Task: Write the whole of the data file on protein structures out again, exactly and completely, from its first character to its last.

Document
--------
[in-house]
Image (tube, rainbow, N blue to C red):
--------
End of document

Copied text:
[in-house]
Image (tube, rainbow, N blue to C red):